Works - Photos
Threads Of Somerset Jude Evans 2022
The British production industry has been declining for decades with obituaries written about the sector being commonplace over the past 50 years as the UK has moved through various eras and is the central topic of discussion within this work. Evans considers whether fashion brands are completely genuine behind the scenes and documents what production is left within Britain and especially in his home county of Somerset.
A Coast Line Tale Jude Evans 2022
A Coast Line Tale zooms in on how we decide to interact with the coast on a personal level, exploring stories and traces of individuals whilst also addressing the structural and societal boundaries of the coast. Containing images of man-made beaches, industrial docks and rolling coastal paths, this project was built on the thought that maybe, just maybe, we can transition to being less focused on the clearing of the “dark dense forest” and find solace in preserving and restoring the forest itself. Allowing nature and symbiosis, transitioning to rewilding rather than living in the shadow and the illusion of the natural world. Seeing ourselves as part of the whole, rather than viewing it from a distance.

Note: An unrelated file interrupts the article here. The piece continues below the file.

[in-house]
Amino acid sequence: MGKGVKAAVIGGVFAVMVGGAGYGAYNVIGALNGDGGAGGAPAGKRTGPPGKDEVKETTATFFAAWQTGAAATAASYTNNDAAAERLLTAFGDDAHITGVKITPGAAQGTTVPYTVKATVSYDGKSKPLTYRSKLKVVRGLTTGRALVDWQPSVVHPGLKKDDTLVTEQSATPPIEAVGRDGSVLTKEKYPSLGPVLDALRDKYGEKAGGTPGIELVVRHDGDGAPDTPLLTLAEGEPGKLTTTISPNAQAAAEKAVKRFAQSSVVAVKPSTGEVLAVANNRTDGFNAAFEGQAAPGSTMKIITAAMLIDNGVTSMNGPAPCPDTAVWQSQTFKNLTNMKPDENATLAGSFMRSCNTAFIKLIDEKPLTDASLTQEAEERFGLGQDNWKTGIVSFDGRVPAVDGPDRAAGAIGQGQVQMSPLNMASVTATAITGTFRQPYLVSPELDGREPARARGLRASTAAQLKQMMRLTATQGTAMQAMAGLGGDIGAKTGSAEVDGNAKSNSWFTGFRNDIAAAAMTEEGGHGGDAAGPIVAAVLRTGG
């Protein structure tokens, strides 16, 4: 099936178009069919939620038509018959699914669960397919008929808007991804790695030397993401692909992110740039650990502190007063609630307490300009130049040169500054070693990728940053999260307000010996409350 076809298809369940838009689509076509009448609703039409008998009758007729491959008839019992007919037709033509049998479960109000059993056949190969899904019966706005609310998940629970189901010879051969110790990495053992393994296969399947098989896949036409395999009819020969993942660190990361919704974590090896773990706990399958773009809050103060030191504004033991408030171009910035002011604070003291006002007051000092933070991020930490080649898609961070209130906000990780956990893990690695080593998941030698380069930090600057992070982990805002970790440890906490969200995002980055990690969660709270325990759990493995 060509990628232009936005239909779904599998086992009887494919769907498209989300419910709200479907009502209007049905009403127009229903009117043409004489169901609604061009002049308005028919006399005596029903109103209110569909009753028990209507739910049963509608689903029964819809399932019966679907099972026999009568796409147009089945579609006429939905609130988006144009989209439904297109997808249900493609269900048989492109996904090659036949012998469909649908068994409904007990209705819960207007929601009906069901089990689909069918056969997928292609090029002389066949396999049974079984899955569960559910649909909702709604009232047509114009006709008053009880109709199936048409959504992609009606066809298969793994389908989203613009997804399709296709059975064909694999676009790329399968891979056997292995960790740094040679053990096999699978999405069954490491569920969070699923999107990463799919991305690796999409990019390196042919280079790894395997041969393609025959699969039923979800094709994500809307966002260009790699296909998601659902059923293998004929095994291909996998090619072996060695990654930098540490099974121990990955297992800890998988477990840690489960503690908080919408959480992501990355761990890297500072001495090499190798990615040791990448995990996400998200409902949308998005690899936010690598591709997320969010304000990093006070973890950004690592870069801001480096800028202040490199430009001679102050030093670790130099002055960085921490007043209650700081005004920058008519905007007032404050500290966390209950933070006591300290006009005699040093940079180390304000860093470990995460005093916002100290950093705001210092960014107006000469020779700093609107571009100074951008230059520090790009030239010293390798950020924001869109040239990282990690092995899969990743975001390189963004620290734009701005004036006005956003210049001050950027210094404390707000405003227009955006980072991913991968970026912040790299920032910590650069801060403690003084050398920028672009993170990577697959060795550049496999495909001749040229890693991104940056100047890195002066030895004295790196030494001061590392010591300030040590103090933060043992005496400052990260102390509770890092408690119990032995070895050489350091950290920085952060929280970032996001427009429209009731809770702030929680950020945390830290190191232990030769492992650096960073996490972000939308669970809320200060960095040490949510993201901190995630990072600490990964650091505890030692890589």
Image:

Facing Up To Flooding Jude Evans 2022
Somerset has been Evans's home for the past 21 years. Large parts of the Somerset Levels spent much of the winter of 2013-14 underwater. Villages were isolated, homes evacuated, the farming community in disarray and the bad weather relentless. In this work, Evans revisits these sites and documents how the environment has changed since the 2014 flooding, over seven years ago.
Timeless Thrift Jude Evans 2022
The endless creation of new clothes comes with a heavy environmental price. Every year the sector requires 93 billion cubic meters of water, which is enough to meet the consumption needs of five million people, and is responsible for around 20% of industrial water pollution as a result of textile treatment and dyeing. To tackle this problem Timeless Thrift has been born specifically focusing on second-hand clothing and how it can benefit the environment compared to fast fashion. Vintage garments are sourced, washed and dried before being sold as 1of 1 pieces, each garment carries its own personal story which people should appreciate.